The Deliveroo Diaries: earning a crust

Cary Grubb’s enjoying some unofficial perks of being a Deliveroo rider...

It’s quiet. As we wait for orders, triathlete Alexa listens to weird indie music. Vegan-warrior Ben studies extreme tattoo websites on his phone. Mad Russian Dmitry teaches the rest of us swear words in various Slavonic languages.

We don’t like this. The quiet, I mean, not the swearing. Deliveroo has many more riders on its books now. It means the company can cope better with a rush — but when it’s slack, we get fewer jobs and less money each. Sometimes it works out below minimum wage, which doesn’t apply to us: we’re ‘self-employed’.

But here comes a perk the company doesn’t talk about. Two riders each return from jobs with free food for us.

Their kids look admiringly at my bike and ask eager questions about the job. Wow, says the boy, sounds great

First, Lawrence — the posh, friendly, but disorganised Oxbridge law grad who you wouldn’t trust to deliver a punchline, never mind a forty-quid meal — spilled a curry riding a potholed road the rest of us avoid. The customer insisted on a total reorder and the refused first batch has come our way.

Second, a similarly posh, friendly but disorganised burger chain messed up an order somehow, so there’s three 12-quid burgers up for grabs.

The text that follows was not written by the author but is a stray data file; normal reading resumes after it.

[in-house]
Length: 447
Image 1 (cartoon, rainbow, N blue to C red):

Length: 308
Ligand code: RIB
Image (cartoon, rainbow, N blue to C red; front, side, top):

It’s meat, so Ben isn’t interested, but helpfully informs us about the evils of factory farming. Dmitry just laughs: My grandfather in Siege of Leningrad, if you hungry you eat rat, wallpaper paste, anything!

I try one of the posh burgers. It’s horrible. I’d prefer the wallpaper paste. I practice some of the vocabulary we’ve just been learning.

I try half a lamb curry. It tastes of delivery-box floor. I ate at this restaurant once, so I know this is actually how it always tastes. Perhaps Ben is right.

The value of food

As we eat I chat to Lawrence about the insecurity of zero-hours contract life. For him it’s gap-year experience. For me it’s to pay my bills. His family is well-off and well-connected, so he’ll get a law job eventually. He says he wants to fight for the rights of gig-economy workers.

He’s being genuine, not patronising. But his lights don’t work, his T-shirt is on inside out and his delivery box smells of curry, so I hope he’s better at campaigning than at food delivery.

At last, the rush starts. We all get orders. It’s a lovely evening, warm and bright, and I try out some parkland shortcuts I wouldn’t do in the dark. One customer gives me a £5 tip. Their kids look admiringly at my bike and ask eager questions about the job. Wow, says the boy, sounds great.

Ah, the innocence of youth. But on an evening like tonight, he’s right.

Back at the muster point it’s clocking-off time. Alexa’s friend at a Japanese restaurant has sneaked us a bagful of unsold sushi that was destined for the bin. It’s wonderful.

The value of my free food tonight is more than what I’ll get paid. See, Lawrence? We cycle for food. This is earning a crust in the 21st century. Bon appetit, Dmitry, as we say in English!

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